Gas Circulation--Bombardment of the sulfur vapor by electrons heats the gas and the spinning of bulb 10 causes a centripetal force toward the inner surface of the wall of bulb 10 perpendicular to the spin axis. Because of the density gradient, hot gas responds by "floating" toward the spin axis and as the gas cools by radiation it is squirted out of the spin axis to the polar regions. From there the gas returns down the inner bulb wall, back to the ionization region, repeating the cycle. The Coriolis forces mix the gas into the plasma making it appear relativity uniform in intensity. Measurement of the radial light distribution gives slightly brighter down pole in relation to up pole relative to gravity since the heavier components sink to the "bottom" of the interior of bulb 10 providing a denser dimer production area.
CO2 Scavenging--As a part of the present invention, it was determined that a supplemental CO2 fill within bulb 10 reduced the processing sanitation requirements. The addition of CO2 to the inert gas fill permits, under operating conditions, the oxidation of any organic compounds within bulb 10 with the CO2 scavenging reducing the elemental carbon that might exist within bulb 10. By reducing the elemental carbon the plating-out of elemental carbon on the interior lamp surface is reduced, thereby effectively eliminating a potential shunting resistive component to the lamp's discharge path.
Peak Spectral Wavelength Versus Sulfur Fill--As shown in FIG. 8, as the sulfur fill is increased (2.8 mg/cc to 4.9 mg/cc), while otherwise maintaining the same conditions within bulb 10' (50 Torr Argon), the spectral peak frequency (inverse of emission wavelength) and the intensity of the peak emission both decrease. Thus, the amount of the sulfur fill can be used to shift the spectral maximum in the radiated (visible) spectrum from the near-ultraviolet (46) through an intermediate setting (48) to the near-infrared (50) (during experimentation it was noted that the spectral peak can be varied between approximately 400 nm to 700 nm). Additionally, it was observed that the width of the spectral peak spreads, or flattens out, (50) as the sulfur fill is increased and that the peak radiometric efficiency (maximum intensity of emission at spectral peak) the lamp charged as in FIG. 8 occurs when the broad spectral maximum is at approximately 480 nm with a sulfur charge of 2.8 mg/cc with 50 Torr of Argon in bulb 10' (46). Therefore, it can be seen that the variation of the sulfur fill allows a large range of whitish color in the light, as well as luminous efficacies, ascribed to the low power sulfur lamp of the present invention.
Lamp Characteristics--From the above discussion it can be seen that the sulfur lamp of the present invention presents a very efficient, long life, lighting source. Based on the various tests conducted during the developmental phase it was determined that by properly accounting for all of the factors that influence efficiency, lamps of the present invention convert the input energy to whitish light with efficiencies that are greater than 60%--the highest of any lamp currently available (other than the low pressure sodium lamp, which emits a monochromatic yellow light that is generally unsuited to most lighting applications because of its low color rendition) with--input power in the range of 20 to 100 watts/cc of bulb 10.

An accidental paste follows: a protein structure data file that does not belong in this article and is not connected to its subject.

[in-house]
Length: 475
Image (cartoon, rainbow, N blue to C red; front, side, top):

One of the contributing factors to the efficiency of the lamp of the present invention is the quality of the RF coupling for transferring energy from the electrodes to the bulb. The smaller the air gap, as discussed above, greatly aids in the impedance matching within the lamp system--the better the impedance matching.
Additionally, the spherical lamp shape produces a very intense point source of light that can be manipulated with simple optics. That together with the spectral flexibility of the sulfur lamp, makes it possible to produce photosynthesis and high output daylight lamps.
Spectral Character--In similar tests, it was observed that the general shape of the spectral output curves shift from blue (lower wavelengths) to red (higher wavelengths) as the sulfur fill is increased from 2 mg/cc to 5 mg/cc with a low inert gas backfill of 10 Torr. That same shift was demonstrated with a flattening of the spectral peak by backfilling with 200 to 500 Torr of Krypton or Xenon and reducing the sulfur fill to 2 to 4 mg/cc, and white light was produced with a 3.2 mg/cc sulfur and 500 Torr Kr fill. It appears that the optimal behavior of the sulfur lamp of the present invention is inversely proportional to the concentration of the sulfur fill and directly proportional to the pressure of the inert gas fill with the commercial range of sulfur fill being approximately 2-6 mg/cc.